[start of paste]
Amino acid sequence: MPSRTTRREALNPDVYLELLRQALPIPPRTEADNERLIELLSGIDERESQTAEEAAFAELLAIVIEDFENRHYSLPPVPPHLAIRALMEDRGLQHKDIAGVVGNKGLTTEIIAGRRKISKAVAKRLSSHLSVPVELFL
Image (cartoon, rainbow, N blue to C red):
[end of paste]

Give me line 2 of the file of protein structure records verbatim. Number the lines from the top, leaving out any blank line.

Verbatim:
Image (cartoon, rainbow, N blue to C red):